During AMC testing, the AoPS Wiki is in read-only mode. No edits can be made.

2007 AMC 12B Problems/Problem 20

Problem

The parallelogram bounded by the lines $y=ax+c$, $y=ax+d$, $y=bx+c$, and $y=bx+d$ has area $18$. The parallelogram bounded by the lines $y=ax+c$, $y=ax-d$, $y=bx+c$, and $y=bx-d$ has area $72$. Given that $a$, $b$, $c$, and $d$ are positive integers, what is the smallest possible value of $a+b+c+d$?

$\mathrm {(A)} 13\qquad \mathrm {(B)} 14\qquad \mathrm {(C)} 15\qquad \mathrm {(D)} 16\qquad \mathrm {(E)} 17$

Solution 1

Plotting the parallelogram on the coordinate plane, the 4 corners are at $(0,c),(0,d),\left(\frac{d-c}{a-b},\frac{ad-bc}{a-b}\right),\left(\frac{c-d}{a-b},\frac{bc-ad}{a-b}\right)$. Because $72= 4\cdot 18$, we have that $4(c-d)\left(\frac{c-d}{a-b}\right) = (c+d)\left(\frac{c+d}{a-b}\right)$ or that $2(c-d)=c+d$, which gives $c=3d$ (consider a homothety, or dilation, that carries the first parallelogram to the second parallelogram; because the area increases by $4\times$, it follows that the stretch along the diagonal, or the ratio of side lengths, is $2\times$). The area of the triangular half of the parallelogram on the right side of the y-axis is given by $9 = \frac{1}{2} (c-d)\left(\frac{d-c}{a-b}\right)$, so substituting $c = 3d$:

\[\frac{1}{2} (c-d)\left(\frac{c-d}{a-b}\right) = 9 \quad \Longrightarrow \quad 2d^2 = 9(a-b)\]

Thus $3|d$, and we verify that $d = 3$, $a-b = 2 \Longrightarrow a = 3, b = 1$ will give us a minimum value for $a+b+c+d$. Then $a+b+c+d = 3 + 1 + 9 + 3 = \boxed{\mathbf{(D)} 16}$.

Solution 2

The key to this solution is that area is invariant under translation. By suitably shifting the plane, the problem is mapped to the lines $c,d,(b-a)x+c,(b-a)x+d$ and $c,-d,(b-a)x+c,(b-a)x-d$. Now, the area of the parallelogram contained by is the former is equal to the area of a rectangle with sides $d-c$ and $\frac{d-c}{b-a}$, $\frac{(d-c)^2}{b-a}=18$, and the area contained by the latter is $\frac{(c+d)^2}{b-a}=72$. Thus, $d=3c$ and $b-a$ must be even if the former quantity is to equal $18$. $c^2=18(b-a)$ so $c$ is a multiple of $3$. Putting this all together, the minimal solution for $(a,b,c,d)=(3,1,3,9)$, so the sum is $\boxed{\textbf{(D)} 16}$.

Solution 3

Let $a$ and $b$ be the slopes of the lines such that $b > a$ (i.e. the line $bx+c$ is steeper than $ax+c$) and $c > d$ (i.e. the point $(0, c)$ is higher than the point $(0, d)$. Upon drawing a diagram, we see that both the smaller and the larger parallelogram can be split along the x-axis, such that both of their areas are the combinations of two corresponding triangles. The area of a triangle is $\frac{bh}{2}$, but since a parallelogram is two such triangles, the area becomes $bh$.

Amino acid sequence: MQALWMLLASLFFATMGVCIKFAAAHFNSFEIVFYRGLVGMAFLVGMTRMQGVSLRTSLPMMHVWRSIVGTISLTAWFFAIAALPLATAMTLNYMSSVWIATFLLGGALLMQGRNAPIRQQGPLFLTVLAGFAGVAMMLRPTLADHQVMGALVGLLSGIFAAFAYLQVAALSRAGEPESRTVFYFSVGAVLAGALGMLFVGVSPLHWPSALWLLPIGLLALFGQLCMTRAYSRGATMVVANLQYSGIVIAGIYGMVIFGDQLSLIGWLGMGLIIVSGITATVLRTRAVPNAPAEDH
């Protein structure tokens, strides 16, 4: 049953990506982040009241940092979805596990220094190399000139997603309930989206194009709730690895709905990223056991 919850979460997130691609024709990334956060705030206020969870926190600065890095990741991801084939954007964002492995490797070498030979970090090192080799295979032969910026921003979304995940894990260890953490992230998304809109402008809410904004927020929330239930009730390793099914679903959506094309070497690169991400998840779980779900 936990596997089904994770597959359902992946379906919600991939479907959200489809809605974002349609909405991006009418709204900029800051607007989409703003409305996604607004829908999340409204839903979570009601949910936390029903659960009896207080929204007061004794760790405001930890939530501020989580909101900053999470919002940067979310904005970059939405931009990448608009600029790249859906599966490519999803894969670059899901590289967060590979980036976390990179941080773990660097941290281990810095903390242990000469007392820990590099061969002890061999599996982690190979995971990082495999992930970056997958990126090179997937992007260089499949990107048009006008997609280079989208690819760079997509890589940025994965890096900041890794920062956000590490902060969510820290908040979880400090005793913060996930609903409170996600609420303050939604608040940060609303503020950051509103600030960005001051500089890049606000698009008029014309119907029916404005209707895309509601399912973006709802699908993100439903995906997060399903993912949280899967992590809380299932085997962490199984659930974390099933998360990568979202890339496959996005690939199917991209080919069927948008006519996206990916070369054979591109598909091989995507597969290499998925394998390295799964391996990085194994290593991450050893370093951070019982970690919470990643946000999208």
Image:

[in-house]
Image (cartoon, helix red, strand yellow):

Let $b_1$ and $h_1$ denote the base length and height, respectively, of the triangles pertaining to the smaller parallelogram and $b_2$ and $h_2$ denote those of the larger parallelogram. Notice that $b_1$ is simple the distance from $(0, d)$ to $(0, c)$, or $(c-d)$. Also notice that $h_1$ is the distance from the $x$-axis to the intersection of lines $ax+c$ and $bx+d$. This is equivalent to the value of the $x$-coordinate of intersection, so we solve for $x$:


$ax+c=bx+d$

$\Rightarrow bx-ax = c-d$

$\Rightarrow (b-a)x = c-d$

$\Rightarrow x = \frac{c-d}{b-a}$.


The area of the smaller parallelogram is $b_1*h_1$, or


$(c-d) * \frac{c-d}{b-a}$


$\Rightarrow \frac{(c-d)^2}{b-a}$.


$b_2$ is the distance from $(0, -d)$ to $(0, c)$, or $(c+d)$. $h_2$ is the $x$-coordinate of the intersection of the lines $ax+c$ and $bx-d$. Again, we solve for x:


$ax+c=bx-d$

$\Rightarrow bx-ax = c+d$

$\Rightarrow (b-a)x = c+d$

$\Rightarrow x = \frac{c+d}{b-a}$.


The area of the larger parallelogram is $b-1*h_1$, or


$(c+d) * \frac{c+d}{b-a}$


$\Rightarrow \frac{(c+d)^2}{b-a}$.


The areas of the parallelograms are given to us: $18$ and $72$. Therefore we can set up a ratio:


$\frac{18}{72} = \frac{\frac{(c-d)^2}{b-a}}{\frac{(c+d)^2}{b-a}}$

$\Rightarrow 18(c+d)^2 = 72(c-d)^2$

$\Rightarrow (c+d)^2 = 4(c-d)^2$

$\Rightarrow c^2 + 2cd + d^2 = 4c^2 - 8cd + 4d^2$

$\Rightarrow 3c^2 - 10cd +3d^2 = 0$

$\Rightarrow (3c-d)(c-3d)=0$

$\Rightarrow c=3d, c=\frac{d}{3}$


We established earlier that $c>d$, so $c=3d$. Plugging this into the intial equations yields


$\frac{16d^2}{b-a} = 72$


and


$\frac{4d^2}{b-a} = 18$

Solving for $d$, we get


$d = 3\sqrt{\frac{b-a}{2}}$


We want the sum of $a$, $b$, $c$, and $d$. We can now rewrite this


$a + b + 12\sqrt{\frac{b-a}{2}}$


We are told that $a$, $b$, $c$, and $d$ are all positive integers. Therefore the value under the radical must be a perfect square greater than 0. We can rewrite this


$\frac{b-a}{2} = k^2$


where $k$ is some positive integer.

Rearranging, we get


$b = a + 2k^2$

Now we can rewrite the sum as


$a + a + 2k^2 +12k$.


Since both $a$ and $k$ must be at least $1$, the minimum value is


$1 + 1 + 2(1)^2 + 12(1) = 16 \Rightarrow \boxed{\text{D}}$.

See also

2007 AMC 12B (ProblemsAnswer KeyResources)
Preceded by
Problem 19
Followed by
Problem 21
1 2 3 4 5 6 7 8 9 10 11 12 13 14 15 16 17 18 19 20 21 22 23 24 25
All AMC 12 Problems and Solutions

The problems on this page are copyrighted by the Mathematical Association of America's American Mathematics Competitions. AMC logo.png

Invalid username
Login to AoPS